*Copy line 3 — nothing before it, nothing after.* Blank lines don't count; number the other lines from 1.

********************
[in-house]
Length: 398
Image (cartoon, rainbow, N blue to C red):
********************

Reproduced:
Image (cartoon, rainbow, N blue to C red):